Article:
Did we just witness the height of North Carolina arrogance backfire? Given the unpredictable turns in the school's academic fraud case, it's impossible to say for sure. But it's a fair question given how tough the NCAA's third notice of allegations is to the Tar Heels.
UNC got a gift-wrapped present in April from the second notice of allegations, when the NCAA removed any mention of football and men's basketball related to the school's fake classes. UNC's women's basketball program absorbed all of the specific allegations and looked like Jerry Tarkanian's old statement about Kentucky and Cleveland State: "The NCAA is so mad at North Carolina's academic misconduct by everyone that it will probably slap another two-year probation on the women's basketball team."
Maybe the NCAA Committee on Infractions (COI) would have bought those second allegations. Maybe not.
But UNC couldn't leave well enough alone. So the Tar Heels argued with a straight face that the worst academic fraud scandal in college sports history isn't subject to NCAA jurisdiction. To follow that argument to a logical conclusion, the NCAA then shouldn't be involved in academics at all.
There's a reasonable debate to be had over that exact issue. But the COI hearing panel, led by SEC commissioner Greg Sankey (a huge proponent of NCAA amateurism), was never going to buy that. This case, as the COI panel wrote to North Carolina in late November, "appears to implicate issues at the very core of the Collegiate Model."
So here we are Thursday with the third notice of allegations.
This latest notice contains the tough allegations a lot of us expected to see from the start. The COI panel basically took control and directed the NCAA enforcement staff to write the allegations as we've all known them for a while and made them more in line with the first notice from May 2015.
Football and men's basketball are squarely back in the picture for penalties.
"Many at-risk student-athletes, particularly in the sports of football and men's basketball, used these courses for purposes of ensuring their continuing NCAA academic eligibility," the latest notice said.
The Tar Heels' 2005 NCAA championship, which involved players who took many fake classes, is squarely back in play to be vacated. The latest notice expanded the time frame for the violations and now looks at fall 2002 until summer 2011. The second notice alleged the violations ran from fall 2005 to summer 2011, neatly preserving UNC's national title in spring 2005.
The NCAA has added a charge of unethical conduct and providing extra benefits against Deborah Crowder and Julius Nyang'oro, who created the fake class scheme. UNC's athletic department "leveraged the relationship with Crowder and Nyang'oro to obtain special arrangements for student-athletes in violation of extra-benefit legislation," the notice said.
"The Committee on Infractions is acting as the investigator, the prosecutor and the judge, and I think it's inappropriate," North Carolina athletic director Bubba Cunningham complained Thursday.
Cunningham is upset the process is changing midstream. But when hasn't this case changed midstream over the past decade? And what role does North Carolina play in that process that it's trying to make us forget?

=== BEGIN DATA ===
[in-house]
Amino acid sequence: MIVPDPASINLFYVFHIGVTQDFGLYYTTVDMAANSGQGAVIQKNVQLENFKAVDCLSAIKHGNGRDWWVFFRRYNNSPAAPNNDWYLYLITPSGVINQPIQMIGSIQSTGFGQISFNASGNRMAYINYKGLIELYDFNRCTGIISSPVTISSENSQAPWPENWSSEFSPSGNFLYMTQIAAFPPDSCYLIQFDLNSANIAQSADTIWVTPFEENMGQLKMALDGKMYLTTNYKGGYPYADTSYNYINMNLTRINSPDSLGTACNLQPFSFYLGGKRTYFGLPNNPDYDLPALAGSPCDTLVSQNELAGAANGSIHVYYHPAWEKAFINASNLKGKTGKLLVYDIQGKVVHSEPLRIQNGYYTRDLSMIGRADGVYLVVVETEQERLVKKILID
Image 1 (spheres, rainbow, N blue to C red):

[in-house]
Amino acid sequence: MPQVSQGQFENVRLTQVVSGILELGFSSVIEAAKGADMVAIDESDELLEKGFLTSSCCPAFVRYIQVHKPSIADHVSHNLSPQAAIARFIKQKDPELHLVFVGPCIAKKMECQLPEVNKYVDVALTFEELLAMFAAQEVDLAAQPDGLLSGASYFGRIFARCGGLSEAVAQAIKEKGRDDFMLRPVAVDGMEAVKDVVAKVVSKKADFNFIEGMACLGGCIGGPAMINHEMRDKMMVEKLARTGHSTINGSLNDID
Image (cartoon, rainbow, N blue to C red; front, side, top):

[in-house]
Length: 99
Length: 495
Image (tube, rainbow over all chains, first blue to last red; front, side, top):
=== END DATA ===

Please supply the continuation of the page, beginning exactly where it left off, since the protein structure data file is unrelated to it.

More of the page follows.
Once again, there are so many games in so many sports that could be vacated at North Carolina. It's hard to comprehend how much of UNC's sports history since 2002 could vanish from the record books and be accompanied by other penalties moving forward.
So why did UNC even challenge the NCAA's jurisdiction in the second notice?
"We felt compelled to put the jurisdictional issues in there should the final outcome not be consistent with case precedent or any of the other bylaws that we feel are appropriate," Cunningham said. "I don't know what the remedies would be if you're punished beyond the existing bylaws. We put that in there to maintain all of our opportunities following the conclusion of the NCAA case."
North Carolina is complaining that the infractions committee overstepped its bounds. "You can't chase things just because you have an opinion," Cunningham said. "You've got to follow the bylaws."
UNC previously said the NCAA knew back in 2011 that the courses in question had irregular class meeting times, lacked professor oversight and included grading irregularities. Back then, the NCAA seemed to allow UNC to get away with the argument that non-athletes took these fake classes too and thus it wasn't an NCAA issue.
The NCAA clearly botched the early investigation. But reporting by Dan Kane of the Raleigh News & Observer also showedit's clear that North Carolina for a long time didn't want to know how deep this went and failed to do a proper investigation.
If everyone buries their head in the sand and the facts keep coming out, eventually the day of reckoning arrives when you've got to come up for air. Finally, UNC commissioned a real report by attorney Kenneth Wainstein, who showed in 2014 how deep the fake classes went over a period of 18 years. The NCAA had no choice but to reinvestigate, except it's never been comfortable looking at the academic rigor of university classes. (Never mind that the NCAA looks at the academic rigor of high school classes on the front end for recruits.)